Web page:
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Mad Tracks

Platform(s): PC, Xbox 360
Genre: Racing
Publisher: MicroApp (EU), D3Publisher of America (US)
Developer: LoadInc
Release Date: April 25, 2007


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PC Review - 'Mad Tracks'

by Keith Durocher on Aug. 4, 2006 @ 1:13 a.m. PDT

Mad Tracks is an action-packed toy-car racing game, with toy cars powered by spring engines. Races are set in everyday places, like toy stores, mini-golf parks, and restaurants.

Genre: Racing
Publisher: Frogster / Element 5
Developer: Load, Inc
Release Date: July 17, 2006

I never really “got” remote control cars when I was a kid. Maybe it was part of that whole deal where I never really “got” cars at all (regardless of size) but for whichever reason I just never had much of a thing for small battery powered vehicles. Interesting then that I seem to get tons of enjoyment out of games that simulate the exact same experience, is it not? Is it because I have aged and have a better appreciation of anything that harkens to youth, or is it just because none of the RC cars I ever played with as a kid had auto-targeting rocket-launchers? That is perhaps a debate best left to the philosophers, for now let us turn our attention to the topic of this article: Mad Tracks, a racing/puzzle/party game made by a team called Load, Inc.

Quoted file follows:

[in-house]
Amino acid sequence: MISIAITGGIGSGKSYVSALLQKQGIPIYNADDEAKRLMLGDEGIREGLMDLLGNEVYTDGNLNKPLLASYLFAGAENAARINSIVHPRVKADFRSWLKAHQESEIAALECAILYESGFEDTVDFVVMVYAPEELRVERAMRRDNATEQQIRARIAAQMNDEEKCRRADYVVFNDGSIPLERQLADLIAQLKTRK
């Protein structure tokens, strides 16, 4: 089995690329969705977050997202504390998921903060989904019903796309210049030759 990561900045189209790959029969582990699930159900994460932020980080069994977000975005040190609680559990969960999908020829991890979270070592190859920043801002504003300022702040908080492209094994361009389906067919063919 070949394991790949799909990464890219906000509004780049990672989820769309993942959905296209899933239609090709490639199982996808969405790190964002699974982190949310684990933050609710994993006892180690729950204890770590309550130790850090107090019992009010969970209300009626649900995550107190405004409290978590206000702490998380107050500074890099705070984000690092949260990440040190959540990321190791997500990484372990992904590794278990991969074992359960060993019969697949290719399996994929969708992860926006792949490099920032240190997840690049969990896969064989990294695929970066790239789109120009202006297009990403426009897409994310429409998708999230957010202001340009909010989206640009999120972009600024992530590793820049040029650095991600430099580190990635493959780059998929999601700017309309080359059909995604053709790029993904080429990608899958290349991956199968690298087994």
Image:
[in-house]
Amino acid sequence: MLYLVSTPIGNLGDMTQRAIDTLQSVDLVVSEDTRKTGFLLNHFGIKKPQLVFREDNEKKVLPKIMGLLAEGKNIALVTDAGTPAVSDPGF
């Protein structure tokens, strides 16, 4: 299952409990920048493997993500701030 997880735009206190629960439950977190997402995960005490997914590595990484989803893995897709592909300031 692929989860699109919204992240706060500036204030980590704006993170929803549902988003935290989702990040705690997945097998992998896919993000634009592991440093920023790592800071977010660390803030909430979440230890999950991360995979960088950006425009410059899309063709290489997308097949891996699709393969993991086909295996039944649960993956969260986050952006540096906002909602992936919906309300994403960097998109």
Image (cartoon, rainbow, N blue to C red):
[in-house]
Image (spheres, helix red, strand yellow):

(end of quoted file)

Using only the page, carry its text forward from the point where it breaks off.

As is my custom, I shall break down this game into its blandest parts. Thus: Mad Tracks is a 3rd person perspective, 3D RC-car racing game for the PC platform with a heavy accent on puzzles and mini-games. If I had to boil my opinion of this title into a single word, it would be “clever”. Certainly, little radio-controlled cars racing around life sized environments is nothing new- I quite enjoyed Re-Volt and RC Cars for much the same reason as I enjoy this release- but what truly sets this game apart is the creative approach to each level that provides a surprising wealth of variety.